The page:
How the EU wants to finance climate protection – The EU Green Bond Standard

Constanze Illner Environment, News

In the past weeks, many EU member states have committed themselves to becoming climate-neutral by 2050. In order to achieve this goal, massive investments in a more sustainable economy will be needed. In order to facilitate and stimulate investments in climate-friendly projects and assets, the European commission is currently developing a so-called Green Bond Standard.

December 12, 2015 was the day the Paris agreement was published. Its central aim is to strengthen the global response to the threat of climate change by keeping a global temperature rise this century well below 2 degrees Celsius above pre-industrial levels and to pursue efforts to limit the temperature increase even further to 1.5 degrees Celsius. For the EU, this implies a 40% cut in greenhouse gas emissions until 2030, with an investment gap estimated at 180 billion EUR per year (source: European Commission) – a sum that cannot be raised overnight.

Financing Sustainability Goals

Rather than to use public funds to fill this gap, the EU aims to motivate investors to re-orient financial flows towards low-carbon and climate resilient developments. This is one of the main goals of the EU Action Plan on Sustainable Finance, published in March 2018.

One of the priority actions for the commission is to “develop official European sustainable finance standards, starting with green bonds”. To achieve this goal, the Commission has put together a Technical Expert Group (TEG), which had to create a report on an EU green bond standard (EU GBS).

EU Green Bond Standard: The Report of the Technical Experts

Three months after publishing an interim report, the TEG published its final report in June 2019. The report proposes the content of an EU Green Bond Standard, explains its purpose and sets its ambition level. It also explains how the TEG believes the creation of the proposed EU GBS will address the barriers hindering the green bond market’s further development and will support its role in channelling substantial financial flows into green projects. In addition, the interim report elaborates on possible incentives, based on the EU GBS, to enhance the growth of green bond issuance and the links with other sustainable financing instruments in a wider context. The EU GBS is proposed as a voluntary standard building on existing market practices and designed to be compatible with them.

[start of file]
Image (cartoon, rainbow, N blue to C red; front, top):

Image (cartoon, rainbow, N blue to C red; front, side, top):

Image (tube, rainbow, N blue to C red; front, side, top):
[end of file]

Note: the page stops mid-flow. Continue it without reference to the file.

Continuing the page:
The EU Taxonomy

As indicated above, the ambition of the EU is to guide investors towards green projects. But what counts as green? This is where the EU Taxonomy comes into play: together with the report, the experts published the Taxonomy Technical Report, a classification to determine how sustainable projects are. In essence, the proposed taxonomy is a list of economic activities that contribute to climate change mitigation and adaptation, such as low-carbon transport, generation of renewable energy, manufacture of biofuels, etc.

Verification by external parties

In order to ensure the credibility of the Green Bond Standard, third-party verification of bonds will be mandatory. To this end, an accreditation regime for verification bodies will be created. As an experienced verification body, we are following the development closely and will seek accreditation as soon as possible.

How does the EU Green Bond Standard compare to the Climate Bond Initiative?

The EU taxonomy will be developed in harmony with the categories of the Climate Bonds Initiative. This means that bonds that are certified by the Climate Bonds Initiative won’t have problems to receive the approval of the European Initiative. The Climate Bonds Certification offers issuers the chance to prove that their bonds are sustainable without having to wait for the European Standard. A double certification with EU GBS and the Climate Bonds Certification is possible.

Next Steps

The report of the working group makes recommendations to the EU Commission. It is expected that these recommendations will lead to the approval and introduction of a Green Bond Standard in the EU. Sign up for our newsletter to receive information on the latest developments.

What DQS can do for you

DQS is your partner for verification of green bonds. With qualified assessors around the globe, we help bond issuers gain the trust of potential investors.

Contact us if you have any questions or register for our newsletter to receive regular updates on certification and standards.

Constanze Illner Administrator
Constanze Illner is Marketing & Communication Officer at DQS CFS GmbH
×
Constanze Illner Administrator
Constanze Illner is Marketing & Communication Officer at DQS CFS GmbH
Latest Posts